On the Edge
2001, R, 90 min. Directed by John Carney. Starring Stephen Rea, Tricia Vessey, Jonathan Jackson, Cillian Murphy.
REVIEWED By Marjorie Baumgarten, Fri., Aug. 10, 2001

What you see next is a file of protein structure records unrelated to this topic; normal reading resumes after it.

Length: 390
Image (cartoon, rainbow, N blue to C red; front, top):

It's possible that all you ever need to know about On the Edge is that at one point its working title was The Smiling Suicide Club. That, and also that someone thought a mere cosmetic change could turn the movie into something marketable. Think David and Lisa and Girl, Interrupted crossed with Dead Poets Society and Tell Me That You Love Me, Junie Moon, then move the story's suicidally troubled teens to Ireland, and also know that another rejected title for On the Edge was Catch the Sun. The movie is a coming-of-age story that aims for realistic portraiture of suicidal teens, and is told with a mixture of drama and humor. But the movie's stunted insight, and the frivolous camera play of director and co-writer John Carney push On the Edge to the borderlines of interest. The story's focus centers on 19-year-old Jonathan (Murphy), who drives a stolen car over a cliff following the death of his father. He survives with only a bruised pinky and is sent to a psychiatric hospital instead of jail, where his mordant humor keeps him aloof from the others in his therapy group as well as the sensitive head psychiatrist Dr. Figure (Rea, with his signature knack for doleful passivity in full flower here). Eventually, Jonathan bonds with two others in Dr. (Go) Figure's therapy group: self-destructive Rachel (Vessey), a cutter who taunts and tempts Jonathan and with whom he eventually falls in love; and comrade-in-cynicism Toby (Jackson), who is troubled by the death of his brother, which was caused by an automobile accident while Toby was at the wheel. The threesome form a friendship, although those Irish cliffs exert a curious pull and morbidly beckon each of them to plumb its rocky cavities. One character is eventually “sacrificed” so that the other two have the possibility of redeeming themselves through their love. Along the way, Carney's camera dabbles in all sorts of striking twists and turns that do little to illuminate the characters' conflicts but speak volumes about the director's need to be noticed. Produced by Jim Sheridan's Hell's Kitchen (My Left Foot, In the Name of the Father, Some Mother's Son, and Agnes Browne), On the Edge philosophically shares the unpretty realism championed in all Sheridan's previous work. The ill-defined psychological underpinnings of this teen trauma picture, however, threaten to drive the whole thing right over the cliff.